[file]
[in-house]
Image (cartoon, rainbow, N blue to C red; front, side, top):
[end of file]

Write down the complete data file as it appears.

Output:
[in-house]
Image (cartoon, rainbow, N blue to C red; front, side, top):